The first song I want to put seriously put forward in my defence of the Rats as a band-worthy-of-respect comes from the 3rd album, the Fine Art of Surfacing. As I remember it, it was only a minor hit, but I always thought of it as a great piece of song writing. The arrangement is flawless, its repeated punchy motifs allowing both the melody and the well-structured narrative to unfold without a wasted word:

This was from the same album. And I can’t think of a better description of urban paranoia and the surveillance society. Written when said society was in its infancy.

If proof were needed that there was more than one significant member of the band, it’s worth noting that their music  grew weaker after the departure of Gerry Cott. He made something of an attempt at a solo career that never seemed to come together commercially, but which I think threw up one or two solid songs in its attempt to do so. I’ve always liked this:

And more recently, he put together this record – which I listen to repeatedly and really enjoy. I don’t think there’s any commercial drive behind it: just the desire to share music once it has been made:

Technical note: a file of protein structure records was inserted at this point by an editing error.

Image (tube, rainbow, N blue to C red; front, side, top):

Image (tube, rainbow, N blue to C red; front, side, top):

The uneven later offerings did still have some highlights. I think this one from Mondo Bongo might have something something to say about Brexit Britain even if it was written in 1984.

I skipped over one iconic hit because I do want to remind you all of another. A song that I think will stand up long into the future. It is a great piece of writing, combing narrative and comment with a great melody. And the piano part further bolsters my argument that this was a real band, reflecting the varied creative skills of many of its members.

Comments»

1. alanmyler - October 25, 2020